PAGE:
"Santiniketan looks most beautiful when it rains," said my guide, the Station House Officer (SHO) of the local police station. When he offered to take me around, I was reluctant, but he assured me that as alumni of the place, he knows more about Santiniketan than a tourist guide. I willingly accepted his offer.
As we entered the famous Kala Bhavan Complex, rains intensified. We entered the sculpture department to avoid getting drenched. The lecturer present there recognised his old student and showed us round.
Students were working on different types of materials, wood, bamboo, iron, glass, mud, ceramic etc., An animal made of old nuts and bolts caught my fancy. "Did you know that Tagore was keen to bring together different forms of art and wanted artists from all over India and the world to stay here? Kala Bhavan is the result of this experiment. The famous painter Nandalal Bose was Head of Kala Bhavan in 1922," said the lecturer. Students who joined us proudly recounted famous Indian artistes who had studied there. I was surprised to learn that the studios are open 24x7.
When the rain stopped, we went to the nearby canteen to eat "pav-bhaji" and sip hot "chai" and continued our discussion. Students had come from all parts of the world and were very proud to be associated with Santiniketan. They said the atmosphere was most conducive for learning and they are encouraged to become more and more creative. One of them told me that Santiniketan was established in 1863 and became Visva-Bharati University in 1921 and is now a central university.
We continued our stroll round the campus. "Where is the famous Open Air School?" I asked my guide. He took me to a tree-filled area with circular shaped classrooms. "This is the famous Patha Bhavan, the first institution set up by "Gurudev" as an experimental school in 1901. He wanted the students to be one with nature and learn without any barriers between the teachers and the taught," he said. "Where are the students," I asked. "They have all gone away because of rain," said the guide. He quickly pointed that Satyajit Ray and Indira Gandhi were alumni of this school. "Sir, every year I get phone calls from senior officers for getting their children and grandchildren admitted here," the guide said.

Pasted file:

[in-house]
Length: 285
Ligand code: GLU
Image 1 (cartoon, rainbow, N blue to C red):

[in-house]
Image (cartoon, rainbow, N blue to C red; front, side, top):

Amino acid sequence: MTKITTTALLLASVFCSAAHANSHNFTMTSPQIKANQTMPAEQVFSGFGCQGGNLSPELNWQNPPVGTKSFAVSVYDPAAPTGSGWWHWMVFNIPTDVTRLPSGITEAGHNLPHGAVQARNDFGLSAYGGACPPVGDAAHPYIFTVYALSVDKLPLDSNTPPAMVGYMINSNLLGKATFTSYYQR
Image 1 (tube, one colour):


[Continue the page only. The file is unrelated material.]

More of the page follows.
From there we went to see the Upasana Ghar or Prayer Hall. Made purely out of glass, this hall has no deity. Prayers are held every Wednesday. Close by is Santiniketan Gruha, a two- storeyed building where Rabindranath's father Debendranath Tagore used to stay.
Across the road are located Rabindra Bhavan, a museum, and Tagore's ashram in Uttarayana Complex. Tagore's Nobel Prize Medal used to be displayed in the museum, but since it was stolen in 2004, a replica has been kept now. The museum has Tagore's manuscripts and sketches. It has 1,600 paintings and 11,000 photographs apart from a library which includes the personal books of Tagore.
In the same complex are located five houses where Tagore lived. The first house is Konark, which Tagore used for poetry recitation, the second is Shamali, a mud house, the third is Udayan, and remaining two are Malancha and Punascha.
We visited Sangeetha Bhavan next. This houses the music department and, like Kala Bhavan, was close to Tagore's heart. We could hear the students rehearsing for a forthcoming program. Eminent Bengali Musicians were trained here.
By the time we finished seeing Sangeetha Bhavan, it was lunch time. We had a quick Bengali lunch in a nearby restaurant and went to see Amar Kuteer.
On the way, I asked the SHO to tell us something about how Santiniketan came to be established. He said, "When Maharishi Debendranath Tagore was on a tour in Birbhum in 1862, he came across this place which captivated him because of its beauty. He bought land here and named the place as Santiniketan. In the initial stages it was a spiritual centre. Later, in 1901, Rabindranath Tagore developed it by setting up the school and other institutions." On the way when the SHO pointed out at the residence of Amartya Sen, I exclaimed, "Oh, Santiniketan is home to two Nobel laureates!"
Amar Kuteer, located six kms from Santiniketan, is home to a co-operative society established in 1920 to encourage production of handicrafts. Painted leather articles, printed and painted cotton clothing, wooden and metallic pieces are made, exhibited and sold. The articles are very reasonably priced and we purchased some interesting items. Santiniketan has many open air "haats" where local artisans display and sell their products.
As it was getting dark, we left to catch our train back to Kolkata. There are a number of interesting places around Santiniketan but constraints of time prevented us from visiting them.
There are a number of fast trains daily from Kolkata to Santiniketan (Bolpur Railway Station) and one can conveniently cover Santiniketan in a day. On our way back I could not but feel happy about our decision to visit this abode of peace.